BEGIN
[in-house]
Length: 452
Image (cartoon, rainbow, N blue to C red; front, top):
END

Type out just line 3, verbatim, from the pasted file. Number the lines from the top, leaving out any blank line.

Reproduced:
Image (cartoon, rainbow, N blue to C red; front, top):